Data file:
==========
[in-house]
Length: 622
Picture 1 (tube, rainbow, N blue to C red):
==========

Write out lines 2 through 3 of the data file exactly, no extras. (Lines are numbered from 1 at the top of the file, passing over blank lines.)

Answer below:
Length: 622
Picture 1 (tube, rainbow, N blue to C red):